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"Yes, sir," beamed NSPI President Jere Gottschalk, "swimming is as basic a skill as driving a car, and a good deal more healthy—very healthy indeed. We're growing with the demand. Sales in 1959 totaled $800 million, and we're not counting the factor of obsolescence. Diving boards do wear out. That's why, what with replacement sales, we consider ourselves a billion-dollar business."
"You also have to remember," Poolman Greene added, "that our figures don't even attempt to estimate the things families buy to add to their enjoyment of the pools. Products like outdoor furniture and portable TV sets, poolside dressing rooms and rubber life rafts."
We were very impressed, but we could have told the NSPI executives there was still another statistic they had forgotten. A South Orange, N.J. home owner who had just bought a pool summed the situation up for a friend last summer. "Gosh, I'm sorry, Gene," he apologized. "I know you drink Scotch. But with all the people who've been dropping in for a swim all I can offer is beer. Otherwise I'd be drunk out of house and pool."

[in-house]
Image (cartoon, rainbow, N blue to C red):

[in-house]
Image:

Hunters and campers in northern states faced an unexpected hazard this winter, the risk of asphyxiation in closed, heated trailers.
Discovery of the danger was announced by the Public Health Service, which alerted authorities to be on the lookout for small trailers (up to 18 feet) carrying a type of heater which might have been a factor in as many as 16 deaths this fall.
In the fatal trailers, the Public Health Service said, were 22-by-14-inch panel-model 8 M Thurm Heaters, some 2,000 of which had been installed in the past 18 months.
A representative of the heater manufacturer, Thurm Engineering Company of Elkhart, Ind., said the firm has notified trailer dealers that the 8 M heater needs modification and has attempted to trace all of the heaters which have been installed.
The search will continue through the holiday season in an earnest turnabout that finds the hunters becoming the hunted.